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Maternity Ward overflow sparks concern

Concerns have been raised about mothers sleeping on the hospital floor with their newborns, despite the babies remaining in hospital wards, including the Neonatal Intensive Care Unit.

The concerns have been heightened after a photo was posted on social media showing a mother sleeping with her premature child on the floor of the waiting room. The Sunday Samoan could not contact the woman in the photo. 

But an investigation by the Samoa Observer found that mothers, who had been discharged while their newborns had not, have been forced to sleep on chairs, couches and the floor adjacent to their baby's cribs due to a lack of beds for their mothers.

A father of three, Kalolo Kalolo, from Leauva'a, whose wife has been sleeping on the waiting room floor with their newborn daughter, expressed concern.

"Where they are staying right now is very hot, and sometimes when the lights are off, there are mosquitoes because the air condition is off," he said.

"We open the windows to let in air and mosquitoes come with it, and my wife lies on a mat on the floor and not a bed."

When the Sunday Samoan raised the issue with the Director General of the Ministry of Health, Leausa Dr. Take Naseri, he said there is a policy that they should not be sleeping there.

He said patients are not allowed to sleep in waiting room areas. He also denied that there was a newborn baby staying in the waiting room area with a mother.

"I don't think that's true," he said. "The baby is supposed to be there [maternity ward] not the mum. We have no beds in the waiting room area.

“Do you want us to put a bed there?" added Leausa. "Do you want me to go babysit those mothers and I have more important roles to attend to?"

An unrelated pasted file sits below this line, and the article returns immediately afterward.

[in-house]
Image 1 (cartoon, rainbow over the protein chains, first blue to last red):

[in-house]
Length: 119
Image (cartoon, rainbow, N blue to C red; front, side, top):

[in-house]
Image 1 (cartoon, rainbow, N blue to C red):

A nurse at the Maternity Ward was also queried on the reasons why people were sleeping at the waiting room areas, or better known as border rooms in the maternity ward.

She said mothers who have discharged have the choice of staying there while their babies are still being admitted.

When the Sunday Samoan contacted a specialist in Obstetrics and Gynaecology, Aiono Dr. Alec Ekeroma for a comment, he said the situation is “not acceptable.”

"The mother needs to be there [in the I.C.U.] for their babies. That's especially not acceptable when there is a shortage of neonatal nurses to look after the babies who are in need of intensive care,” he said.

"There's lots of good evidence that there's far better standards of care provided to [ill] newborn by parents when there's not a facility for monitoring them around the clock."

Aiono called on the hospital to provide more beds as a matter of urgency.

The Maternity Ward has two waiting rooms, equipped with sofas and chairs.

Fugala'au Leaga, from Iva Savai'i, the grandmother of another discharged patient, Lasea Smith, a new mother from Vaitele Uta, said the room is "uncomfortable".

"As you can see, the failele (new mother) sleeps on the couch while her baby is admitted in the neonatal unit," she said.

"I thought the National Hospital should have everything okay because we come here seeking help. The air we breathe and where we rest should be good because they're supposed to supply.

"It's not comfortable here, and I do not understand what the reason is but Samoa has money donated from overseas but this is happening.

"I have just arrived to visit my daughter's daughter and what I see is not nice. In overseas countries, everything is well prepared and organised. Savai'i hospital seems more okay than here."

The Samoa Observer understands that, normally, discharged mothers are given the choice to either go home and come back to nurse their babies admitted or they use the waiting room.

In the old hospital, the waiting or border rooms had beds for discharged mothers, like admitted other mothers, but the new hospital does not have this.

The Samoa Observer was told, the matter has been raised before and the hospital staff has pushed for changes in the waiting rooms to accommodate discharged mothers whose babies are held in the N.I.C.U.

 *Additional reporting from James Robertson

 

 


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